In total, you can rely on 560 HP and 750 Nm of torque. That’s a lot of power and torque and when you include the all-wheel drive system and the PDK gearbox, you get a really good idea as to how fast this Panamera is. It will do 0-62 mph in 3.8 seconds from standstill, feeling like it wants to break your neck with so much torque, despite weighing 2.3 tons. Naturally, I expected the car to be a beast in a straight line. After all, this is a 560 HP Porsche after all. What I didn’t expect though was how well this car kept its weight in check in the corners.

Don’t think it will hide all of that extra 300 kilos perfectly but for a car this size and weight, the Panamera 4S e-Hybrid handles really well. The adaptive suspension helps in tight corners and you do feel a bit of lean but in general it is well subdued. The steering is perfectly weighted in my book and pleasingly direct. You do get a feeling of what the front wheels are doing.

There are some differences compared to the regular Panamera though. The suspension had to be reinforced and you will feel that going over potholes or uneven surfaces. Nevertheless, the ride is composed and these issues are the exception, not the norm.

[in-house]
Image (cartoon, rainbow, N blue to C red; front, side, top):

Heavy, But It Won’t Disappoint You

What you’re left with when you finally get out of the car then is a moment to gather your thoughts. At first, you sneer at the possibility of this car being any good. Can a 2.3-ton sedan of this size be that good on the road? Then you hark back through your short-term memory and try to find the one moment when this car disappointed you.

And it’s just not there. It’s simply bewildering how good this car is and how the eye-watering weight is kept in check. It is truly a marvel but it does have its shortcomings. The engine note is not nearly as good as this car deserves. You can’t have them all.

The V6 delivers performance and that’s what Porsche were going for. This is, in my book, the choice of the range, combining great MPG figures with incredible handling and eye-watering speeds. Sure, there are faster choices out there, even hybrid ones, but you simply don’t need anything more.